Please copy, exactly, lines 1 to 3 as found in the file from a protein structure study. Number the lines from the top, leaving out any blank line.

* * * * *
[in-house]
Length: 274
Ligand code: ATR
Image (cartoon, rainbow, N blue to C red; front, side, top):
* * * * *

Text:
[in-house]
Length: 274
Ligand code: ATR